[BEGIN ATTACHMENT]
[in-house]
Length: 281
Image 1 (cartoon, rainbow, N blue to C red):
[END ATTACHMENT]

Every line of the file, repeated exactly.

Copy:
[in-house]
Length: 281
Image 1 (cartoon, rainbow, N blue to C red):